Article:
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Thomas Gray to Thomas Wharton, [25 April 1749]

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Dr Thomas Wharton at
By Caxton.

My dear Wharton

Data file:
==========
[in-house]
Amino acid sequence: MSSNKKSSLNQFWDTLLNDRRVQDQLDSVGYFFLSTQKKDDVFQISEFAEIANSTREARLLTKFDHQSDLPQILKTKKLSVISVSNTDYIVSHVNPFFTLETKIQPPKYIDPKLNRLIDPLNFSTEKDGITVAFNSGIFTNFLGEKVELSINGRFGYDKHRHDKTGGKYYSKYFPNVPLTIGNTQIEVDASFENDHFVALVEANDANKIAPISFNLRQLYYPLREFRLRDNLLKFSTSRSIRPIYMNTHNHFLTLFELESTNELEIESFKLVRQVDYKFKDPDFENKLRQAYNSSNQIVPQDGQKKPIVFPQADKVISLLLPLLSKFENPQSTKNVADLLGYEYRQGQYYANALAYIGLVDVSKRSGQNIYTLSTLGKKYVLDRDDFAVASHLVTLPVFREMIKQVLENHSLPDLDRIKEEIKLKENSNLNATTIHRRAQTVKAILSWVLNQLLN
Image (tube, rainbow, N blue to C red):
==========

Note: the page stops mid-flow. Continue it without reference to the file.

I perceive, that Second Parts are as bad to write, as they can be to read; for this, wch you ought to have had a Week after the first, has been a full Month in coming forth. the Spirit of Lazyness (the Spirit of the Place), begins to possess even me, that have so long declaimed against it: yet has it not so prevail'd, but that I feel that Discontent with myself, that Ennuy, that ever accompanies it in its Beginnings. Time will settle my Conscience, Time will reconcile me to this languid Companion: we shall smoke, we shall tipple, we shall doze together. we shall have our little Jokes, like other People, and our long Stories; Brandy will finish what Port begun; & a Month after the Time you will see in some Corner of a London Even:ng Post, Yesterday, died the Revnd Mr John Grey, Senior-Fellow of Clare-Hall, a facetious Companion, & well-respected by all that knew him. his death is supposed to have been occasion'd by a Fit of an Apoplexy, being found fall'n out of Bed with his Head in the Chamber-Pot.